With that being said, you can go ahead and purchase an SSL from Namecheap directly or any other SSL provider. They will all ask you the same, they will need to verify the ownership of the domain, so they would need to send an email to a branded email such as [email protected].
Then they will send you the certificate and the key file in which you would need to upload it through EasyWP’s dashboard under SSL.
Finally, the fun stuff.
For this section, we are going to be using three tools to sort of determining the performance of EasyWP.
- Apache Bench
- Loader.io – Maintain 1,000 clients
- WPPerformanceTester Plugin
- GTMetrix (TTFB, First Paint, Contentful Paint)
Since the sad departure of Blitz, I have been measuring the performance of hosting providers and their stack using Apache Bench. AB (Apache Bench) was created to simulate real requests, therefore, determine how many requests per second the stack can serve and handle.
Now, in order to use and run an Apache Bench test, you’ll need a hefty VPS which can handle sending all the requests, you can check my VPS recommendations.
For this test we are going to be running the following query:
ab -c200 -n100000 -s60 https://hostreport-37ebe9.ingress-alpha.easywp.com/ > easywp.txt
- -c: Is the amount of concurrent requests, in this case, 200
- -n: Total number of requests, in this case, 100,000
- -s: Timeout in seconds, in this case, 60 seconds
- > easywp.txt: This part is optional, this will just output a txt file.
Please note: You can take a look at the raw data by just clicking on “EasyWP” in the table or by clicking here.
|Requests per second||505.32|
|Time Taken on the Test||197 seconds (3.283 minutes)|
So far it’s looking good, not the best results I’ve seen but they are definitely not the worst I have seen.
Pretty straight forward, in this test we are going to see how the stack responds, handles, and serves 1,000 “visitors”.
Pretty eye-catching results. Decent average response times, quite a lot of requests, I wish the timeouts were not as high, but remember, you just paid $1, 2 or 3 for the first month. I would say it’s pretty amazing for the price-to-performance ratio.
This is a pretty nifty plugin that does the following:
- Math – 100,000 math function tests
- String Manipulation – 100,000 string manipulation tests
- Loops – 1,000,000 loop iterations
- Conditionals – 1,000,000 conditional logic checks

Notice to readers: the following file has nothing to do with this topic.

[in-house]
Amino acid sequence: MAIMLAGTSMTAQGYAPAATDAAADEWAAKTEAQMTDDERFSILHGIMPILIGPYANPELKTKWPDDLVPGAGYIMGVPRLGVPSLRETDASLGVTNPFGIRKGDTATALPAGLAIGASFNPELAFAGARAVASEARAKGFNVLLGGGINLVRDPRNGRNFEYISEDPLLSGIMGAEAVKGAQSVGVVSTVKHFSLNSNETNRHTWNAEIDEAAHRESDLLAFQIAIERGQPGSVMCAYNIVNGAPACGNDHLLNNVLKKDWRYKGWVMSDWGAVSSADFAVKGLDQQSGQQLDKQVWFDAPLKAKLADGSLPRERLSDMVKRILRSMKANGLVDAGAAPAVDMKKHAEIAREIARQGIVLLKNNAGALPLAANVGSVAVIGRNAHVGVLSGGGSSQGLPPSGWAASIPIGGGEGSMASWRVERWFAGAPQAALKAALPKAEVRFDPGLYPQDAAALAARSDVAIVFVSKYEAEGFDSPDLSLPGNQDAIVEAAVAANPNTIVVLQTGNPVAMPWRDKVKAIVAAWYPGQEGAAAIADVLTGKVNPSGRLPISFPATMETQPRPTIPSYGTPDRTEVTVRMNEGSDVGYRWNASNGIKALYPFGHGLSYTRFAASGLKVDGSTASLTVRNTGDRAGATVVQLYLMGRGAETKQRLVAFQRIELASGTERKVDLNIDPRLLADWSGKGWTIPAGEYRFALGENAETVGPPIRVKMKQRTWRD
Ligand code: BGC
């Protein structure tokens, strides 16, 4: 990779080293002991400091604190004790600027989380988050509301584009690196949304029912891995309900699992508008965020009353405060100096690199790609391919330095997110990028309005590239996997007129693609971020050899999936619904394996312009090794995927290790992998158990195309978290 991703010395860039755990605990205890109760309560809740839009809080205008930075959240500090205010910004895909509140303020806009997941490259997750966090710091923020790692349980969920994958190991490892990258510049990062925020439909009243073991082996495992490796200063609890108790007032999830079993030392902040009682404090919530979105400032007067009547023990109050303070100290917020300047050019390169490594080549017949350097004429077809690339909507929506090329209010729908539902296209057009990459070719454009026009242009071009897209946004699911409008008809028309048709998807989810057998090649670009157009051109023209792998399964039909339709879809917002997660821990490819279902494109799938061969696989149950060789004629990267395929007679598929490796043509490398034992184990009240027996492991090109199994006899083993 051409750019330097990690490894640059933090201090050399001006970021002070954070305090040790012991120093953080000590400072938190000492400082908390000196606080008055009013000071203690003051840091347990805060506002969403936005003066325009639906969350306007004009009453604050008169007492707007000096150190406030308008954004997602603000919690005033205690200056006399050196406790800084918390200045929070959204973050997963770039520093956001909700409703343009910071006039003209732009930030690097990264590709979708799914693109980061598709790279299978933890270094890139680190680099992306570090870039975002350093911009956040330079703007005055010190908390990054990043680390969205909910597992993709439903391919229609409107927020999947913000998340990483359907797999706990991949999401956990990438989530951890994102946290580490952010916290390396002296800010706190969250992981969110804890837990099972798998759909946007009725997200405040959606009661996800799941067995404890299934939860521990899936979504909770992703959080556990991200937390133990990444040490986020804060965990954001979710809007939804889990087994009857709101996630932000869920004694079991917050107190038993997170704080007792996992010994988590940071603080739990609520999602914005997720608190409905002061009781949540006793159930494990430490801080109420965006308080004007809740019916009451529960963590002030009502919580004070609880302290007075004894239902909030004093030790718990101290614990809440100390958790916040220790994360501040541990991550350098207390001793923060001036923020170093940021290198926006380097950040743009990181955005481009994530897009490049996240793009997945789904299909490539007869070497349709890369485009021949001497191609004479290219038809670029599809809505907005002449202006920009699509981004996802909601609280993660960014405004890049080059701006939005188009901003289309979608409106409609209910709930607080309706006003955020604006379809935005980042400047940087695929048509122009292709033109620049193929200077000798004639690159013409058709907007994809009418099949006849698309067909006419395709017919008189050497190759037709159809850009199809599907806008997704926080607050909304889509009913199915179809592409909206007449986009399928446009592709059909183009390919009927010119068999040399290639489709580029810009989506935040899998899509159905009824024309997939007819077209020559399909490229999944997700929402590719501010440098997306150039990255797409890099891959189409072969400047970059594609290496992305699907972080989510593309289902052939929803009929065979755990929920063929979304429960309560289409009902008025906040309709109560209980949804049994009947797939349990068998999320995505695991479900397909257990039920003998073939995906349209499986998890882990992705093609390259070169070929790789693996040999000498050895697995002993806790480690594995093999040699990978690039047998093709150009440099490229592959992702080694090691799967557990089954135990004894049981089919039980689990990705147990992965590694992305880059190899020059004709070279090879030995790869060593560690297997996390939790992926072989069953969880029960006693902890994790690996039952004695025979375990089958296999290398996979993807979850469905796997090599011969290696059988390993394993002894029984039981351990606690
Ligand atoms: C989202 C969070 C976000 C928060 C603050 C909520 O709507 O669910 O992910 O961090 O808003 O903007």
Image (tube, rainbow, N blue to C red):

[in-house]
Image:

- MySql (connect, select, version, encode) – basic MySQL functions and 1,000,000 ENCODE() iterations
- \$wpdb – 250 insert, select, update and delete operations through \$wpdb
Pretty much it lets you see how good the server your site is hosted in.
These results are average, they are not the best nor the worst I’ve seen. Actually, the worse I have seen is from a host that is so bad (25 seconds and 87 queries per second) that I keep avoiding finishing writing the review because they don’t even deserve the publicity, even if they are that bad.
As I mentioned before, EasyWP claims to be the best-managed WordPress hosting out there. Let’s take a look.
On their website, they claim to have a 192ms TTFB and a 0.7s fully load time. Here is what I got:
Actually… This does not look bad at all, in fact, it looks amazing. Now, do not think that your site will always be loading at such speeds because this is a clean WordPress installation, which means it has the default theme and no plugins other than the caching plugin it has by default (which can’t be turned off).
So yes, these results look very look, now let’s take a look at the same website but with a dummy site from the folks over at GeneratePress, which is a highly optimized and extremely fast theme. So it should still be pretty fast.
I went ahead and installed the Volume site with its dummy content and ran the test once again.
Don’t even take a look at the scores, since scores do not matter. In terms of TTFB, FP and Contentful paint they all got worse, with the exception to TTFB which actually got better???
Anyways, it is expected, but remember this is a hosting provider that you just paid $1, 2 or 3 depending on the plan. Also, this test website has no optimization done to it, the images are huge, useless scripts such as embeds and emojis are being requested, so there is a lot of room for improvement.
I won’t be covering how to improve your website load time in this EasyWP review, it’s a bit lengthy.
Uptime for EasyWP has been flawless, I actually started monitoring their uptime a month ago (January 18th, 2020), and their uptime has been 100%. I will be updating if anything changes or happens.
To be completely honest and transparent, I was not expecting EasyWP to be as good as it is for now.
Now, with that being said, EasyWP is not for everyone. You have little control over what you can and can’t do, which might be a problem for some people.
Do I recommend them? It depends, if you are looking for an easy WordPress-only platform with limited features (cannot change the PHP version, no free SSL, etc.), inexpensive, then sure. Go for it.
Otherwise, you might be good or even better with a shared hosting provider, though, they will definitely be more expensive.
I personally liked their clutter-free and easy to navigate dashboard.
EasyWP is a wordpress-only focused hosting that makes wordpress hosting a breeze.